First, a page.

Five months after Spanish judge Balthasar Garzon ordered the extradition of Colombia’s controversial “emerald czar” Victor Carranza for alleged paramilitary links, the National Court in Madrid has annulled the investigation against him, El Tiempo reported on Monday.
Carranza, who was accused of connections with paramilitary figures Victor Manuel and Miguel Angel Mejia, known together as “Los Mellizos.”
Spanish prosecutors have now dropped the charges after it was established that Carranza had been in prison in 1999 at the time a witness accused him of talking to the paramilitaries.
A letter from prosecutor Luis Ibañez, quoted by El Tiempo, states “It does not seem to add up that Carranza was in jail in Colombia on the dates which coincided with the actions complained of.”
The same argument was used to defend the emerald trader against recent allegations of an alleged meeting with convicted paramilitary leader Freddy “El Aleman” Rendon in Boyaca, where Carranza owns several emerald mines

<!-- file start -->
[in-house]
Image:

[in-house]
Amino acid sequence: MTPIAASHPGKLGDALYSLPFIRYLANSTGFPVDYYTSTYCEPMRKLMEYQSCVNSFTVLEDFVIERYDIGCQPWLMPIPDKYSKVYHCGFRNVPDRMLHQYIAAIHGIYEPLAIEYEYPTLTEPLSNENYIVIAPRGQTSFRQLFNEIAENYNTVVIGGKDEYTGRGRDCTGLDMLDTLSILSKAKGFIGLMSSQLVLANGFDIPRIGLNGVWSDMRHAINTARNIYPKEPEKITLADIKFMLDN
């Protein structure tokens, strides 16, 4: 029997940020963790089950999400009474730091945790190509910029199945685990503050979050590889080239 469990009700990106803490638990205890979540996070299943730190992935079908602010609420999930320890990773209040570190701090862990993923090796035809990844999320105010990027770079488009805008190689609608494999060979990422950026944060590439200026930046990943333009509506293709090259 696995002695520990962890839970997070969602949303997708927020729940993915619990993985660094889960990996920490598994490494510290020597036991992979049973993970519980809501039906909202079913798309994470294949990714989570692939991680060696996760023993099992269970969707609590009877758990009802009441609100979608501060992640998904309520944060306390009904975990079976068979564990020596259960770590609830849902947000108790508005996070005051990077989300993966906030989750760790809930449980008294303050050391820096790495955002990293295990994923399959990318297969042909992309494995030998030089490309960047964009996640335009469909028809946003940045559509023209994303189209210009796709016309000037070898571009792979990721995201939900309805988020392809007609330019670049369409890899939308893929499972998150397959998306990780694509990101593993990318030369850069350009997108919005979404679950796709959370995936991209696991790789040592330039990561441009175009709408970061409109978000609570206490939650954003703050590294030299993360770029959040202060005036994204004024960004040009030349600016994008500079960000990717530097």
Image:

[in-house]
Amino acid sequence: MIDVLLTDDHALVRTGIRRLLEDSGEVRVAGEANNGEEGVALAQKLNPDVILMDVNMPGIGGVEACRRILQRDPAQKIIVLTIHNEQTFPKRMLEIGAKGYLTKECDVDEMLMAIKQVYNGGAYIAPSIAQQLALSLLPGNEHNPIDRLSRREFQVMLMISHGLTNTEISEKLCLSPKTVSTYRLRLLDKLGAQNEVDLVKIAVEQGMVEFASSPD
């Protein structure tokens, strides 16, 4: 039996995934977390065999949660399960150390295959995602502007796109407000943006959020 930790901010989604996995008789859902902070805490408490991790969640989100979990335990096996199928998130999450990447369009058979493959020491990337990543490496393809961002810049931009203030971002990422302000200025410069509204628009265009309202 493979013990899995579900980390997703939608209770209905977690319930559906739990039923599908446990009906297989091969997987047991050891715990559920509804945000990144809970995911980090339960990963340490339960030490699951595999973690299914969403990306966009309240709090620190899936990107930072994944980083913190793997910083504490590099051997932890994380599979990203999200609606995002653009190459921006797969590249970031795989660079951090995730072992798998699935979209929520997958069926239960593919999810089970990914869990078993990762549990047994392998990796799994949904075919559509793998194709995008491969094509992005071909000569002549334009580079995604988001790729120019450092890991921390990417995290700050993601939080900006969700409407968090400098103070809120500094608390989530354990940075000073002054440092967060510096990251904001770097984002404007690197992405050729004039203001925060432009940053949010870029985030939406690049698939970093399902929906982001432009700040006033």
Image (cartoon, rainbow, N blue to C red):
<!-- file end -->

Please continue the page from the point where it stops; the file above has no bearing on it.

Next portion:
Evidence presented before Spanish courts saw Carranza acquitted of two counts of sponsoring paramilitary groups. The Spanish National Court has instead decided to refer the proceedings to Colombia, to assess if it seems appropriate to investigate the issue further.
In 2002 Judge Garzon accused Carranza of laundering drug money through a Spanish bank, but the case was also dropped. Jorge Alirio Roa, representing Carranza, complained that the repeated accusations of drug-trafficking and money laundering had seen his client “stigmatized nationally and internationally.”
Carranza, a major name in international emerald trading, spent almost four years in jail between February 1998 and December 2001 under suspicion of the forming of paramilitary squads. However, after having served nearly four years, the businessman was absolved of these charges and in May 2008, the Administrative Tribunal of Cundinamarca was ordered to indemnify the emerald trader for unjust imprisonment.
Carranza remains a highly controversial figure. In July last year he was the victim of an alleged attack by notorious paramilitary leader Pedro Olivero Guerrero, alias “El Cuchillo” over territory in the department of Boyaca.